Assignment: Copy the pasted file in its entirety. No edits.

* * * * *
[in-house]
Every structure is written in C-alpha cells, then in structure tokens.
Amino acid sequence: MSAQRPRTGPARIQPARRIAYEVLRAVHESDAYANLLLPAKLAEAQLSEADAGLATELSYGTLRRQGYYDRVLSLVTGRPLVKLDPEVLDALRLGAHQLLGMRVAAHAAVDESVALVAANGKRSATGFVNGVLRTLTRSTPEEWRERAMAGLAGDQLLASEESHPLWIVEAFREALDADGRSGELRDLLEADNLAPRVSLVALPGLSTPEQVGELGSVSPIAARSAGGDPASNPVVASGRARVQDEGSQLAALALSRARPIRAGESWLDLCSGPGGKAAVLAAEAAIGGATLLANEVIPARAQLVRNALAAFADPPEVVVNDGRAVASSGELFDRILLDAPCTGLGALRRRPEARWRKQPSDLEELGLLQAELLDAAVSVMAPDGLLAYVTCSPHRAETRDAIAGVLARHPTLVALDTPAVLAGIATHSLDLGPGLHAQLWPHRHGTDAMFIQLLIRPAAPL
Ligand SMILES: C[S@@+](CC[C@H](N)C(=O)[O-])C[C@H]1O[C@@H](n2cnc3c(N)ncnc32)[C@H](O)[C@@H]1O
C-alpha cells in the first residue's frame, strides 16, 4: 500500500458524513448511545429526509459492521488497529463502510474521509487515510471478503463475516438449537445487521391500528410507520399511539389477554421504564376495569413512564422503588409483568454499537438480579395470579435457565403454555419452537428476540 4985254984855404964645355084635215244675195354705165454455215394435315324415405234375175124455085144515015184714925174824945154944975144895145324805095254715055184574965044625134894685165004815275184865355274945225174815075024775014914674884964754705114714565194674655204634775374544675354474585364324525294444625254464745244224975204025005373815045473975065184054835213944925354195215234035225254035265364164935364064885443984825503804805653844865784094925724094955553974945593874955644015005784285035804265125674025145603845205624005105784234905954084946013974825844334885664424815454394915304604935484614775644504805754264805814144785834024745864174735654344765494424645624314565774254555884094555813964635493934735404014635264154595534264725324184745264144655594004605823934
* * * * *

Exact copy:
[in-house]
Every structure is written in C-alpha cells, then in structure tokens.
Amino acid sequence: MSAQRPRTGPARIQPARRIAYEVLRAVHESDAYANLLLPAKLAEAQLSEADAGLATELSYGTLRRQGYYDRVLSLVTGRPLVKLDPEVLDALRLGAHQLLGMRVAAHAAVDESVALVAANGKRSATGFVNGVLRTLTRSTPEEWRERAMAGLAGDQLLASEESHPLWIVEAFREALDADGRSGELRDLLEADNLAPRVSLVALPGLSTPEQVGELGSVSPIAARSAGGDPASNPVVASGRARVQDEGSQLAALALSRARPIRAGESWLDLCSGPGGKAAVLAAEAAIGGATLLANEVIPARAQLVRNALAAFADPPEVVVNDGRAVASSGELFDRILLDAPCTGLGALRRRPEARWRKQPSDLEELGLLQAELLDAAVSVMAPDGLLAYVTCSPHRAETRDAIAGVLARHPTLVALDTPAVLAGIATHSLDLGPGLHAQLWPHRHGTDAMFIQLLIRPAAPL
Ligand SMILES: C[S@@+](CC[C@H](N)C(=O)[O-])C[C@H]1O[C@@H](n2cnc3c(N)ncnc32)[C@H](O)[C@@H]1O
C-alpha cells in the first residue's frame, strides 16, 4: 500500500458524513448511545429526509459492521488497529463502510474521509487515510471478503463475516438449537445487521391500528410507520399511539389477554421504564376495569413512564422503588409483568454499537438480579395470579435457565403454555419452537428476540 4985254984855404964645355084635215244675195354705165454455215394435315324415405234375175124455085144515015184714925174824945154944975144895145324805095254715055184574965044625134894685165004815275184865355274945225174815075024775014914674884964754705114714565194674655204634775374544675354474585364324525294444625254464745244224975204025005373815045473975065184054835213944925354195215234035225254035265364164935364064885443984825503804805653844865784094925724094955553974945593874955644015005784285035804265125674025145603845205624005105784234905954084946013974825844334885664424815454394915304604935484614775644504805754264805814144785834024745864174735654344765494424645624314565774254555884094555813964635493934735404014635264154595534264725324184745264144655594004605823934